Sure enough, by the time we got there, the lines of cars were quite long, even an hour before it was set to close. I caught a couple of photos, and we continued north toward Molalla for the last item on our list.

Mo’s brother and wife, Chere, live just 20 minutes or so from Molalla, less than half an hour north of Silverton. It was a perfect spot for us to get together for supper at Don Taco’s Mexican restaurant. I somehow completely forgot to take photos of our time together, which shows how much fun we had visiting and eating a delicious meal.

By the time we got back to the park, we both were impressed with ourselves for all we had managed to do in just two days. Still, there was plenty of firewood left for another fire, and the rain had dissipated for the evening. We ended our little mini-vacation with another big campfire. I would imagine all those folks in the non-premium sites might have been a little bit jealous.

Here is a map of our meanderings for our time near Silverton.

04-20-2022 A Sweet April Part 1

At last I am getting back to writing about the beautiful month of April.  What I call “Green Leaf Day” burst in its full backlit glory on exactly April First.  The skies were gorgeous early in the month and Mo and I spent several days mowing, weeding, trimming, hauling, and enjoying the beautiful weather.  

Deb and Mo in the Expo court yard at the Oregon Cheese Festival

We began the month of April with a fabulous visit to the Oregon Cheese Festival in nearby Central Point at the Jackson County Fair Expo.  The event has been cancelled for the last two years because of Covid, and in previous years it seemed that we were either traveling, or caught up in something and too busy to attend. Searching the memory banks, I discovered the last time we attended the festival was in 2012!

This time we went with Daughter Deborah and had a great time. In addition to artisan cheeses from all over Oregon, there were wineries, breweries, and distilleries, offering tastes of their specialties.  It was a lovely, sunny day, and I purchased a ridiculous amount of yummy cheese, but Deborah bought even more than I did.

Then on April 9 the snow came, not just flurries, but real snow that actually stuck and turned everything white.  Since that date, the days have been many variations of cold, wet, rainy, a little bit snowy, blustery, and not conducive to doing much outdoor work.  Mo still manages to keep busy with various repair projects around the place, either in her wood shop or in the RV shed.

This part of Oregon has seen more rain this month that we received throughout January, February, and March.  It is a blessed relief to hope that maybe the hot, dry, scary days of summer will be a bit delayed and maybe, just maybe the fires might not come as early as they have in the last few years.  I am writing this on May 10, and we have yet to spread the gravel we ordered at the first of the month or begin setting up the sprinklers.  Last year at this time I was irrigating daily.

We have no problem entertaining ourselves when it is damp and cold.  I spent time quilting, making some placemats for friends.  My favorite part of quilting is playing with my stash of fabrics, deciding what I want to put together into something useful.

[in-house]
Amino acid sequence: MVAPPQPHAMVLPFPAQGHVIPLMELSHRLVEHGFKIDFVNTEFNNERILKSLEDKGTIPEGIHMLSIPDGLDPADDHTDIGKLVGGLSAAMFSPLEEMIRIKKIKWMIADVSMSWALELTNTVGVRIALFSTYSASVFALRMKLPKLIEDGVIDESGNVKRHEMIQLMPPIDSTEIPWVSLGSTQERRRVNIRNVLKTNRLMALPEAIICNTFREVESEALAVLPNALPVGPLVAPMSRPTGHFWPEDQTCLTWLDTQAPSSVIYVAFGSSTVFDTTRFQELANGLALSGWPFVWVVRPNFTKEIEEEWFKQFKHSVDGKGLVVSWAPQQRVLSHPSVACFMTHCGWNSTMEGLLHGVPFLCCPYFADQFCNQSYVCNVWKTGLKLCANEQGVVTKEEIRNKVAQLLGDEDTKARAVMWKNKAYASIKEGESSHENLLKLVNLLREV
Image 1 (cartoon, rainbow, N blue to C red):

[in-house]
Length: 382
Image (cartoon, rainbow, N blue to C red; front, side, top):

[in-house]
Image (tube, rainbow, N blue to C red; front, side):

I decided to try a mail order meal program called, “Hello Fresh”, and had great fun cooking.  I cook a lot, but like most cooks I have a style of my own.  My tendency to repeat certain seasonings and flavorings and ways of cooking is no doubt similar to most cooks.  I also get bored sometimes with trying to come up with something for dinner…again. 

With the Hello Fresh program, I chose 3 or 4 meals for a week for not much more than it would have cost me to shop and purchase the ingredients.  It was a kick, and I learned some new cooking techniques and alternative seasonings and sauces.  If nothing else, it got me out of my cooking rut.  I won’t continue much longer, but in the mean time, so far, Mo has enjoyed every one of the meals we have chosen.

I let myself get lost in puzzles again, wondering how I spent 75 years of my life without getting addicted to this simple, but engrossing pastime. 

Just before Easter, I got a call from Daughter Deanna, who lives in northern Washington State.  She and husband, Keith, needed to drive south for a quick overnight to pick up some equipment for her company in Central Point.  It was a quick trip, without much time for visiting, but we managed to get all of us together for a delightful afternoon at the local Applebee’s.  Daughter Melody drove south from Eugene for the get-together.  It was the first time in a long time that I have had all three daughters together.  Even for only a few hours, over margueritas and a good meal, it was a special time for me.

The next day the deck chairs that we had ordered from Home Depot arrived.  They turned out beautifully, but thank goodness Mo was around to manage all those screws and bolts.  What a project!!  We are happy to have nice, sturdy, comfortable chairs to share with guests when we dine on the deck in the future.

With the dreary weather I wasn’t inspired much to bring in all the Easter décor, but once I did I was glad I had done it.  All those bunnies and the cute pastel stuff can make even a dreary day seem like spring.

Easter was simple, with our friends Maryruth and Gerald joining us with Daughter Deborah,  and Grandson Matthew.  We made a very traditional meal, with a wonderful ham from our local meat specialty shop and the traditional green beans with bacon and scalloped potatoes.  Deborah made a yummy lemon cake that was so good.

Other sweet times for me included my bi-weekly Tuesday morning coffee date with friend Kristin and her adorable daughter Ruby.  It’s kinda nice when a sweet little girl greets me with big hugs and hellos.  I met Kristin through the book club, and while there are many nice ladies there, Kristin has become a true friend, a delight.